Skip site navigation (1) Skip section navigation (2)

Re: COPY using Hibernate

From: Vaibhav Patil <infovaibhav(at)yahoo(dot)com>
To: "pgsql-jdbc(at)postgresql(dot)org" <pgsql-jdbc(at)postgresql(dot)org>
Subject: Re: COPY using Hibernate
Date: 2010-01-15 14:49:53
Message-ID: 399131.1865.qm@web94904.mail.in2.yahoo.com (view raw or flat)
Thread:
Lists: pgsql-jdbc
Thank you very much for you replies, I'll try these solutions as well and will get back to you.

The other way I am trying is the pg/plsql stored procedure. As per the requirement, I have to insert around a million integers in a table having just one column. I am not aware of how to use "COPY FROM STDIN" using pg/plsql. I'll pass these integers as array to stored procedure. I want to avoid dependency of file, otherwise it could have been done easily using "COPY FROM file". Looking for more information on internet to solve the issue. If anybody aware of the way, please help me.


Thanks,
Vaibhav.


________________________________
From: Steve Waldman <swaldman(at)mchange(dot)com>
To: Craig Ringer <craig(at)postnewspapers(dot)com(dot)au>
Cc: Dave Cramer <pg(at)fastcrypt(dot)com>; Vaibhav Patil <infovaibhav(at)yahoo(dot)com>; "pgsql-jdbc(at)postgresql(dot)org" <pgsql-jdbc(at)postgresql(dot)org>
Sent: Fri, 15 January, 2010 7:56:21 PM
Subject: Re: [JDBC] COPY using Hibernate

you can just check out the inner Connection with c3p0's reflective API, if you want. the preachiness is a speedbump, but nothing prevents you from returning RAW_CONNECTION_OBJECT. just be sure that when you're done, the you've not left the state of the Connection modified, cuz that can lead to subtle misbehavior.

~oo~
Steve Waldman
swaldman(at)mchange(dot)com


On Jan 15, 2010, at 7:59 AM, Craig Ringer <craig(at)postnewspapers(dot)com(dot)au> wrote:

> On 15/01/2010 8:00 PM, Dave Cramer wrote:
>> Hi Vaibhav
>> 
>> C3p0 provides a mechanism to get at the underlying connection and
>> statement. search for c3P0 underlying connection
> 
> According to the C3P0 docs:
> 
> "JDBC drivers sometimes define vendor-specific, non-standard API on Connection and Statement implementations. C3P0 wraps these Objects behind a proxies, so you cannot cast C3P0-returned Connections or Statements to the vendor-specific implementation classes. C3P0 does not provide any means of accessing the raw Connections and Statements directly, because C3P0 needs to keep track of Statements and ResultSets created in order to prevent resource leaks and pool corruption."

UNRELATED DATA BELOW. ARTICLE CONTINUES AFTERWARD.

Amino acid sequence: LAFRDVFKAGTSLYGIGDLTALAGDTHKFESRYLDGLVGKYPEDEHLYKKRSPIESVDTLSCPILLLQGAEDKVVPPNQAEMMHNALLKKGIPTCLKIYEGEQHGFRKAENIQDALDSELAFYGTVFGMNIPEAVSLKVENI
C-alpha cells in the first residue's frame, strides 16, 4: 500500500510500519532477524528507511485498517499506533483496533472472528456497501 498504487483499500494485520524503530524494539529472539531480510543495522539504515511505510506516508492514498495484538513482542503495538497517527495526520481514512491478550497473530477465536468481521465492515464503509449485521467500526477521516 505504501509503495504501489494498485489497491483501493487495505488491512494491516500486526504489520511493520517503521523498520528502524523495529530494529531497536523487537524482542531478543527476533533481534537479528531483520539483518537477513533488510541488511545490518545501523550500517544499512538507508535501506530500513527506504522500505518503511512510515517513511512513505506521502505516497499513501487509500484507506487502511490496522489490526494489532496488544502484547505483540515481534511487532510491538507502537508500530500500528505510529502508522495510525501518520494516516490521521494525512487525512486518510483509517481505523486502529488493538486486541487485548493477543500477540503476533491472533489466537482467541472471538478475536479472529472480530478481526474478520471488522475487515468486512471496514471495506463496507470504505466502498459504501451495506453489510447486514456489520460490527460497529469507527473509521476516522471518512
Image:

> 
> ... so, you can't just get the connection from your Hibernate Session and use that. Instead, you have to do it reflectively via C3P0 methods:
> 
> "C3P0 does provide an API that allows you to invoke non-standard methods
> reflectively on an underlying Connection. To use it, first cast the
> returned Connection to a C3P0ProxyConnection. Then call the method
> rawConnectionOperation, supplying the java.lang.reflect.Method object
> for the non-standard method you wish to call as an argument. The Method
> you supply will be invoked on the target you provide on the second
> argument (null for static methods), and using the arguments you supply
> in the third argument to that function. For the target, and for any of
> the method arguments, you can supply the special token
> C3P0ProxyConnection.RAW_CONNECTION, which will be replaced with the
> underlying vendor-specific Connection object before the Method is invoked."
> 
> See:
>  http://www.mchange.com/projects/c3p0/index.html#raw_connection_ops
> 
> 
> Permit me to say "argh!". It's highly frustrating that you can't just "check out" a connection, unwrapping it and taking responsibility for any statements and result sets you create while it's unwrapped.
> 
> ( C3P0's documentation is really preachy about this, and likes to
>  explain to you how you shouldn't want to do "legacy" things like
>  that since it breaks "database independence" which is apparently
>  something it's unthinkable not to care about for your particular
>  app ... sigh. )
> 
> In my J2SE app I only need one connection for the app - and in fact it's strongly preferable to limit the app to one connection. I also needed direct access to that connection to use listen/notify via PgConnection. Hibernate wants you to use a connection pool, and jealously guards the connections it obtains via the pool - in fact, if you're using Hibernate via JPA2 you can't access the underlying JDBC connection *at* *all*.
> 
> Thankfully Hibernate provides a clean and simple abstraction for its access to connection pools, so I landed up writing my own SingleConnectionProvider to give Hibernate its "pool" of one connection. The provider blocks on any getConnection(...) requests issued while the connection is checked out to someone else, so I can just check the connection out of the pool directly if I want to do PostgreSQL-specific things with it ( like using listen/notify or COPY ) and use Hibernate the rest of the time. It works great. If it'd be of any use to you, let me know.
> 
> --
> Craig Ringer
> 
> --Sent via pgsql-jdbc mailing list (pgsql-jdbc(at)postgresql(dot)org)
> To make changes to your subscription:
> http://www.postgresql.org/mailpref/pgsql-jdbc



      The INTERNET now has a personality. YOURS! See your Yahoo! Homepage. http://in.yahoo.com/

In response to

Responses

pgsql-jdbc by date

Next:From: Craig RingerDate: 2010-01-15 16:21:09
Subject: Re: COPY using Hibernate
Previous:From: Steve WaldmanDate: 2010-01-15 14:26:21
Subject: Re: COPY using Hibernate

Privacy Policy | About PostgreSQL
Copyright © 1996-2014 The PostgreSQL Global Development Group